edited by: Nick Draper, Rachel Lang, Catherine Hall, Keith McClelland, Katie Donington, Kristy Warren
London, University College London, 2017
Claremont McKenna College
Date accessed: 23 September, 2020
In 1833, after centuries of resistance and rebellion by enslaved people, decades of popularly-mobilized antislavery protests, and years of economic struggle on colonial plantations, England’s Parliament initiated the process of slave emancipation in the British Empire. It could not begin, however, until slave owners were promised the astronomical sum (at the time) of £20 million in compensation – a stunning request for reparations in light of the actual victims of abuse. Once agreed to, thousands of individuals lodged claims for the government’s elimination of what their ledger books deemed to be property. This set in motion the accumulation of a voluminous repository of information on the extent and character of slavery in the Empire, spanning from the Caribbean, to Mauritius, to South Africa. Like many tragedies in recent human history, the bureaucracy and accounting of slavery was thorough, detailed, and precise. With each claim, the map of colonial slavery was filled in with statistics on the proprietors of each estate, the sizes and supposed worth of their holdings, and the number of enslaved people toiling under them. Once finished, the Slave Compensation Commission had compiled an enormous index documenting the vast reach of slavery into the very homes and firms of Britain.
The stunningly-comprehensive and meticulously-researched website Legacies of British Slave-ownership (LBS) started off by making public these Slave Compensation Commission records, which are currently held at the National Archives in Kew, England. For the site’s first phase, funding through the UK’s Economic & Social Research Council and the Arts & Humanities Research Council identified the British recipients who obtained roughly half the £20 million funding allotment. Although not all claims could be traced, researchers at University College London, led by distinguished scholars Catherine Hall, Nicholas Draper, and Keith McClelland, were able to record where most of the money eventually landed. The second phase of the project, aided by supplemental funds from Harvard University’s Hutchins Center for African & African American Research, set about compiling additional information on the thousands of plantations linked to Compensation claims – as well as those with no record of compensation – from the end of the Seven Years’ War up to emancipation. A planned third phase seeks to connect these estates to the Slave Registrations undertaken by Parliament from 1813 to 1834, which list the names, ages, conditions, and in some cases family histories, of hundreds of thousands of enslaved people on those estates. In total, it is a massive undertaking, which has thus far produced one of the most important digital resources on the history of slavery, and which aims to provide perhaps the most complex and in-depth inventory of the institutional and economic history of colonial bondage, as well as those who lived under it.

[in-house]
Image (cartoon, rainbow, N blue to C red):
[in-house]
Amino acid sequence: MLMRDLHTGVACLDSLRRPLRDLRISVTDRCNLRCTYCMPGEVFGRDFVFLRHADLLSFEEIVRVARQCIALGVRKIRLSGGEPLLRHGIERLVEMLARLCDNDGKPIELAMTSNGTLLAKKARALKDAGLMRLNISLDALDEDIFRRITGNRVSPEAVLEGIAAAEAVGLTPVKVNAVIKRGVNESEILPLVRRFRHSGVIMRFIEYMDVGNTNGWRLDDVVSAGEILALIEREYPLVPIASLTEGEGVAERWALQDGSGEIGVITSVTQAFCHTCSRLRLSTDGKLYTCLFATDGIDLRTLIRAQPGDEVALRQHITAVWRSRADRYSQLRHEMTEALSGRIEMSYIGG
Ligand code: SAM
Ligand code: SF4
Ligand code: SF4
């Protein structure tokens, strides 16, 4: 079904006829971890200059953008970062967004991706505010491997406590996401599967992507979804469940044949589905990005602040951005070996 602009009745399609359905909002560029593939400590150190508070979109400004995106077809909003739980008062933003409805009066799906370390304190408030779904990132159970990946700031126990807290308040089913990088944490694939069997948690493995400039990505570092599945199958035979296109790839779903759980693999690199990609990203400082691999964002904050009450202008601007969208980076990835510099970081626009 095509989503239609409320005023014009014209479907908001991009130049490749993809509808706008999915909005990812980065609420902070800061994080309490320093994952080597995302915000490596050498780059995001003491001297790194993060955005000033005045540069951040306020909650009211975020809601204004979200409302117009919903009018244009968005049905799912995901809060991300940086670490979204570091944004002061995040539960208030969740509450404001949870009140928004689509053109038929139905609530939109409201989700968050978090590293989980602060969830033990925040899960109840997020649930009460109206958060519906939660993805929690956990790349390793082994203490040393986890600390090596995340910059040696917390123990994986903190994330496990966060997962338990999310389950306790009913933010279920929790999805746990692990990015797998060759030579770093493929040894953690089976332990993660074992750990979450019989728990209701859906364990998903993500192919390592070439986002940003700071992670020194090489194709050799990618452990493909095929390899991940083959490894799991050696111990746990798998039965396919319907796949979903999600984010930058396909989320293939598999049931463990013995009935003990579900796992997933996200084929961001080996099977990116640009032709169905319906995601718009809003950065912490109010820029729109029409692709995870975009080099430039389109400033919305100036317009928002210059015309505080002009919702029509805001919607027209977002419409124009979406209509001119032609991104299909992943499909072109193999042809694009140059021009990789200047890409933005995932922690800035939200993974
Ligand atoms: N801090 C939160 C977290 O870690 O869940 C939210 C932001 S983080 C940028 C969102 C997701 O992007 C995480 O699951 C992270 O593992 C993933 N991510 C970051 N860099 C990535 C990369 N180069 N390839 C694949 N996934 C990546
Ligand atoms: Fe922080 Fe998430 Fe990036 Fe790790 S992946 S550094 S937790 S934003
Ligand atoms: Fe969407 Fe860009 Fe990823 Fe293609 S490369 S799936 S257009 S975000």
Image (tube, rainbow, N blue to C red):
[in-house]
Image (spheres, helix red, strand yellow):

The amount of information in the LBS database is truly staggering, and the work put in by researchers deserves to be loudly applauded. The Slave Compensation Commission records are only a fraction of the sources available to the site’s visitors. Plantation records, personal correspondence, biographical memoirs, political pamphlets, portraiture, wills, and other documents sketch out the contours of an industry whose economic tendrils wrapped themselves tightly around businesses and individuals throughout the globe. Organizing all of this data, and making it comprehensible, was a herculean task. By and large those efforts were successful, but at first glance visitors might feel a bit overwhelmed. One might best approach the database, then, by exploring the three major categories listed immediately below the site’s header: ‘Legacies’, ‘Estates’, and ‘Maps’.